Courtesy of Tribune News Service

Opinion: Yeti boycott shows importance of education

The practice of forming opinions before hearing all sides of the argument is common today. Media is fast-paced, and people seem to take the first thing they hear as their opinion. This is especially the case for those who listen to an agenda-based news network such as CNN or Fox News. This mindset needs to stop as citizens need to know both sides of the argument and all facts before creating their own opinions. The recent Yeti-National Rifle Association fiasco is a perfect example of this. 

On Sunday, the NRA came out with a statement that the company Yeti, known for their outdoor premium coolers and conservation efforts, was ending business with the NRA. The NRA blasted Yeti over this issue, and many NRA supporters wanted to boycott Yeti. In fact, some went all out and blew up their Yeti coolers as a form of protest. The boycotters thought that they were in the right, and to an extent, they were at the time. However, more information came out and this quickness to judge turned out to be the root of the problem.

The boycott began before Yeti even gave its side of the argument. On Tuesday, Yeti came out with a statement. The company claimed that the NRA was misinterpreting the message and that they were not cutting all ties. Instead, they were dropping a “group of outdated discounting programs” that the NRA was under. Furthermore, the company came out to rebut the claims that it was dropping conservation efforts and its support of the Second Amendment.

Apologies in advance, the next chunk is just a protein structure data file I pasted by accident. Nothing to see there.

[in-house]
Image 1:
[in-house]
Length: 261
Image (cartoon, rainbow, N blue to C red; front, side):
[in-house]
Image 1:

Maybe the boycotters who blew up the coolers now regret it having heard Yeti’s side. Maybe the are still okay with it since Yeti did cut some deals with the NRA. Or maybe they aren’t sure of what they think yet.

All these possibilities are okay since all information has been distributed for the people to hear. Now, it would be okay to form an opinion on the situation and choose to continue buying or boycott Yeti. Deciding before Yeti’s statement was premature.

This example ties back to the point of acquiring all information before forming an opinion. Whether it would be an opinion on something big or small, this theme of jumping the gun has hurt our society. No longer should this practice be encouraged and the practice of being patient and knowledgeable should be instilled instead. It’s far too easy to simply to join a misinformed collective opinion. Take the time to educate yourself and understand.

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